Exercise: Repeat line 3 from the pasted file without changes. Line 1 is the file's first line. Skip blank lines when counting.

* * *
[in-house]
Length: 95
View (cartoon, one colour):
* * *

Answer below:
View (cartoon, one colour):